Ten peak medical groups, representing around 75 per cent of the nation’s doctors, have written an open letter to Scott Morrison, urging the prime minister to act on climate change as part of the pandemic response.

“The man that used six gas bottles to bomb a secluded Christian organisation in Canberra had worked as an advocate in the USA, yet within 24 hours of the attack the ACT Police influenced by the homosexual Chief Minister and the strong lesbian influence in the ACT Police (yes, I could provide some names) dismissed the attack on religious thought by describing the cause as a mental health issue.”

Some of the extreme comments made in a 2018 submission to Philip Ruddock’s religious freedom review by Peter McKay, who has now resigned as the Liberal candidate for the ACT seat of Kurrajong.

The young Australians suing for climate action
Two Australians have launched court cases in an attempt to radically overhaul the way our government and big corporations are responding to climate change. Today, lawyer Kieran Pender on the story of climate litigation in Australia and what’s at stake.

NBN Co’s revenue for 2019–20, up by approximately $1 billion on the previous year.

“Our reforms will make it cheaper for students to study qualifications in areas like teaching, health, IT, science, engineering, and agriculture. It will also better align the cost to taxpayers and students of a degree with the cost to the university of teaching.”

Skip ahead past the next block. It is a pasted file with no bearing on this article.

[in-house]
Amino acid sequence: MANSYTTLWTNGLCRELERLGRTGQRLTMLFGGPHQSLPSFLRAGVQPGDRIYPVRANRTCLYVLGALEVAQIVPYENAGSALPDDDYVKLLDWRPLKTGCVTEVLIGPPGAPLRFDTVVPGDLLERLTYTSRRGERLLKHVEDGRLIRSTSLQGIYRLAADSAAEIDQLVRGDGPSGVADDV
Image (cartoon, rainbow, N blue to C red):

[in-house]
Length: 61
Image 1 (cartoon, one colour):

Education Minister Dan Tehan releases draft legislation for the “Job-ready Graduates” package of reforms to university funding, which could double the cost of humanities degrees.

The list

“Judging football gladiators by their IQ seems akin to choosing a heart surgeon by their skin folds, or an accountant via a beep test. Yet few other countries critique the education levels of athletes quite like Australia. Megan Davis says that this sensitivity to schooling is a hangover from the British class system, which attempted to preserve rugby union as a playground for eloquent Anglo-Saxon aristocrats … ‘Class is the last taboo,’ she says. ‘Nobody wants to talk about how it’s become socially acceptable to denigrate an entire sport because their supporters are poor.’”

“Swift has played many roles. Beginning her career as a country music sweetheart, she’s also come to embody, at different times, the Grammy darling, the pop princess and the singer-songwriter genius. Her sheer veneer of perfect femineity, of lyrical transparency, of invisible whiteness and what this means for her as an occupier of some of the whitest spaces in music, all collide on her newest release, folklore … There is something undeniably untethered, tender-hearted and creatively new for Swift on this record.”

“Orgies with Bill Clinton. An unnamed hotel-chain owner. A foreign president. Prince Andrew, blackmailed with under-age sex. These were among the stunning revelations in a tranche of documents ordered released by a federal court in New York City, as part of the ongoing legal tribulations of Ghislaine Maxwell. Maxwell, 58, was the one-time girlfriend of sex offender and financier Jeffrey Epstein, whose suicide gripped the United States and the world last year. Maxwell’s lawyers have been trying to keep these legal documents sealed since 2015, when they made up part of a civil defamation case brought by one of Epstein’s victims. Now that Maxwell herself has been charged, with sex trafficking and perjury, these astonishing documents are in the public domain.”

Paddy Manning

Paddy Manning is contributing editor (politics) at The Monthly and has worked for the ABC, Fairfax, Crikey and The Australian. He is the author of Inside the Greens and the unauthorised biography of Malcolm Turnbull, Born To Rule?